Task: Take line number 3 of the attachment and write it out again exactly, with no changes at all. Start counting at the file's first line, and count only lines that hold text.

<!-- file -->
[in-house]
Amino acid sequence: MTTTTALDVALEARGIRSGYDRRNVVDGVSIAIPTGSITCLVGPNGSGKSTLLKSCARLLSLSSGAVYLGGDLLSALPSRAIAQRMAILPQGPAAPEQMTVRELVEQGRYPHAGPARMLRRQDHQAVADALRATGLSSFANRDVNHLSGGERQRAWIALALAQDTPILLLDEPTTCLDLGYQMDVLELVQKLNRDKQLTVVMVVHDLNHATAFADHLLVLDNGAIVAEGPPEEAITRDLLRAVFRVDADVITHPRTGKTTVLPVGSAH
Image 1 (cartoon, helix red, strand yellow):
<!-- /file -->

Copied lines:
Image 1 (cartoon, helix red, strand yellow):